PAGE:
Constraints

Constraints offer the advantage of defining integrity controls in one step during table creation and simplifying the creation of those integrity controls. This ensures the accuracy and reliability of the data in the table. However, integrity constraints are more limited in scope and less comprehensive than indexes and triggers.

Primary key constraint

Use the following SQL query for SAP ASE.

select  user_name(so.uid) SchemaName,
        so.name TableName,
        i.name PK_ConstraintName,
        index_col(so.name,i.indid,c.colid,so.uid) as ColumnName
from sysobjects so
inner join sysindexes i
      on so.id = i.id
inner join syscolumns c
      on c.id = so.id
where so.type = ‘U’
      and i.indid > 0
      and i.status2 & 2 = 2 — for declarative constraints
      and i.status & 2048 = 2048 — for primary Key
      and index_col(so.name, i.indid, c.colid, so.uid) IS NOT NULL
order by user_name(so.uid), so.name, i.name

You get the following output.

Use following SQL query for MySQL or MariaDB.

select  cons.constraint_schema as SchemaName,
        cons.table_name TableName,
        cons.constraint_name  as PK_ConstraintName,
        col_use.column_name ColumnName
from information_schema.table_constraints cons
join information_schema.key_column_usage col_use
     on cons.constraint_schema=col_use.constraint_schema
     and cons.constraint_name=col_use.constraint_name
     and cons.table_schema=col_use.table_schema
     and cons.table_name=col_use.table_name
where cons.constraint_type in (‘PRIMARY KEY’)
     and cons.table_schema not in (‘information_schema’, ‘sys’, ‘performance_schema’, ‘mysql’)
     and cons.table_schema not like ‘aws_sap%’
order by cons.constraint_schema,cons.table_name,cons.constraint_name

The following screenshot shows the output.

Foreign key constraint

Use the following SQL query for SAP ASE.

select object_name(sr.tableid) TableName,
       object_name(constrid) FK_Name,
       object_name(sr.reftabid) Ref_TableName,
       index_col(so.name, sr.indexid, sc.colid, so.uid) as Ref_ColumnName
from sysreferences sr
inner join syscolumns sc
      on sr.reftabid = sc.id
inner join sysobjects so
      on so.id = sc.id
where index_col(so.name, sr.indexid, sc.colid, so.uid) is not null
order by sr.tableid, object_name(constrid) , object_name(sr.reftabid)

You get the following output.

The following is a similar SQL query for MySQL or MariaDB.

select table_name TableName,
       constraint_name FK_Name,
       referenced_table_name Ref_TableName,
       referenced_column_name Ref_ColumnName
from information_schema.key_column_usage
where table_schema not in (‘information_schema’, ‘sys’, ‘performance_schema’, ‘mysql’)
      and table_schema not like ‘aws_sap%’
      and referenced_table_schema is not null
order by table_name,constraint_name,referenced_table_name

You get the following output.

Check constraint

Use the following SQL query to get a summary of check constraints on the SAP ASE database:

select user_name(o.uid) SchemaName,
       object_name(c.tableid) TableName,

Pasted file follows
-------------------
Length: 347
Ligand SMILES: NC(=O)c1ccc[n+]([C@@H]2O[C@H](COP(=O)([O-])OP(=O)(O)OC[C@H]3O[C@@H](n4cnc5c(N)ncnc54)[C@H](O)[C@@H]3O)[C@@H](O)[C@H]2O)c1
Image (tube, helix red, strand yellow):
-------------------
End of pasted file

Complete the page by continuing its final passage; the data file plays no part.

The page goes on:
count(o.name) CheckConstraintCount
from sysconstraints c
inner join sysobjects o
      on c.constrid = o.id
where (o.sysstat & 15 = 7)
group by o.uid,c.tableid
order by user_name(o.uid),object_name(c.tableid),count(o.name)

You get the following output.

The following is a similar query for MySQL or MariaDB.

select constraint_schema SchemaName,
       table_name TableName,
       count(constraint_name ) CheckConstraintCount
from information_schema.table_constraints
where constraint_type in (‘CHECK’)
      and table_schema not in (‘information_schema’, ‘sys’, ‘performance_schema’, ‘mysql’)
      and table_schema not like ‘aws_sap%’
group by constraint_schema,table_name
order by constraint_schema,table_name,constraint_name

You get the following output.

Default constraint

Use the following SQL query for SAP ASE.

select user_name(o.uid) SchemaName,
       object_name(c.id) TableName,
       c.name Defaulted_ColumnName
from syscolumns c
inner join sysobjects o
      on c.cdefault = o.id
order by object_name(c.id), o.name , c.name

You get the following output.

The following is a similar query for MySQL or MariaDB.

select table_schema SchemaName,
       table_name TableName,
       column_name ColumnName
from information_schema.columns
where column_default is not null
      and table_schema not in (‘information_schema’, ‘sys’,’performance_schema’,’mysql’)
      and table_schema not like ‘aws_sap%’
order by column_name

You get the following output.

Verify the constraint details for any possible differences between the source and target databases using these queries. If you find any differences, identify the root cause or take guidance from the AWS SCT logs and fix them accordingly.

Conclusion

In this post, we showed how to verify if your SAP ASE database has been migrated correctly to Amazon RDS for MySQL, Amazon RDS for MariaDB, or Aurora MySQL. Use this post if you’re experiencing issues in object validation or as a reference guide while migrating from an SAP ASE database to an RDS for MySQL, RDS for MariaDB, or Aurora MySQL database.

We recommend building these validation steps into your workflow for a smoother migration experience. Note that the SQLs were tested against SAP ASE 15.7, MySQL 8.0.28, and MariaDB 10.6.7; the results may vary on other versions.

If you have any comments or questions, leave them in the comments section.

About the authors

Pavithra Balasubramanian is a Database Consultant with Amazon Web Services in India. She is passionate about helping customers in their cloud adoption journey with a focus on legacy database migrations to AWS cloud.

Nishad Mankar is a Database Consultant with AWS Professional Services. He helps customers to migrate and modernize their databases on AWS Cloud.

Amit Kumar is a Database Consultant with AWS Professional Services based out of Hyderabad, India. With good knowledge on relational databases adding hands-on in homogenous and heterogenous database migrations and optimization in AWS cloud.